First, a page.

How to DJ on your iPad

You don't have to lug decks across town any more to mash up some tunes at a party. Just whip out an iPad and start DJing with this guide.

Curtis Moldrich
3 min read

Often surrounded by a mass of cables, inputs and high-end equipment, one could be forgiven for thinking that DJs indulge in an expensive, complicated craft. But all you need is a DJ app on an iPad to blend your favourite tunes and cast your sorcery on the dance floor.

Apple's versatile tablet has made the art of mixing more accessible than ever, with apps such as djay for iPad and iDJ making it a great stepping stone into the world of turntabling. Have you always fancied trying your hand on the decks? If so, here's how to set yourself on the path to becoming the next Tiesto.

Getting started

To begin your illustrious career as a tablet DJ, you'll need an iPad packed with your favourite selection of high-quality tunes. Your mobile DJ station will need to be running iOS 4.2 or better, with at least 20MB of space -- not including your chosen tracks.

You'll also need $20 (£13) worth of iTunes credit to buy djay for iPad. Download it here. One of the most impressive apps on the market today, djay for iPad is easy to use but packed with features -- perfect for seasoned vinyl heads or MP3 newbies alike.

There's also a range of easily expandable features. One great accessory, if you want to take things up a notch, is the Griffin DJ Cable. It lets you hear what the PA is playing and the track you're cueing up, giving you even more control over your mix -- once you know what you're doing. You'd also be well advised to invest in some quality headphones.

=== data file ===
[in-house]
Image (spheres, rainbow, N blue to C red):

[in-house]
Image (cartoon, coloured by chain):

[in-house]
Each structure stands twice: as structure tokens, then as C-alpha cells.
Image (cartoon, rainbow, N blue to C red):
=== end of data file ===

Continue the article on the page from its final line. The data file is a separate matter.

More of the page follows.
The basics


A DJ is nothing without his record bag, or in this case, his iTunes library. Your first step is to assemble a mass of your favourite tracks in the highest-quality format you can afford. This will make all the difference.

After downloading djay, you should be able to easily access your songs. One of djay's many plus points is its ability to see your iTunes library in its entirety -- making importing tracks to your decks a painless experience.

When you first open djay, you'll be presented with a familiar DJ scene -- left and right decks with a horizontal cross-fader in the middle and vertical pitch faders either side. The pitch faders control the speed of the song, while the cross-fader is the tool that does the blending -- the most important control for a DJ.

Mixing is the blending of tracks -- not the twisting or forcing together of them -- so it's always a good idea to find two songs that complement each other, with a similar tempo or beats per minute (BPM).

Once you've chosen your two tracks, you have a couple of options. Firstly, pressing the sync button will adjust both tunes to the same speed -- so mixing is as simple as choosing when to start the second song and moving the cross-fader along. The more difficult, but ultimately more rewarding, method would be to ignore the sync button altogether and instead sync the tracks using your own newly discovered DJing skills.

Advanced features

Although simple to use at first glance, djay buries many of its features under the surface. After you get to grips with simple mixing, you can then delve into the advanced world of equalizing, looping and pre-listening (when you listen through headphones to the track you want to mix into). Although complicated, it's techniques like these that will turn your set from competent to show stopping.

Like the most expensive set-ups such as Native Instrument's Traktor (see below), djay for iPad lets you save and stream your sets. Whether it's to critique your last set, play to your friends or for that energy-sapping run in the gym, it's one of djay's most essential features. From then on you can upload your mix to popular sites such as Soundcloud or Mixcloud, the latter of which is one of the biggest mix sites on the web.



Djay for iPad offers much of the DJing experience but without the cost and space. If you do want to experience the real deal, a pair of vinyl/CD decks and a mixer would set you back thousands of pounds.

Native Instrument's Traktor Kontrol S2 strikes a novel blend between the two, offering industry-leading software coupled with one of the best MIDI controllers you can buy. With platters that offer the tactile experience of vinyl and a detailed on-screen display, Traktor is the hybrid taking the mixing world by storm.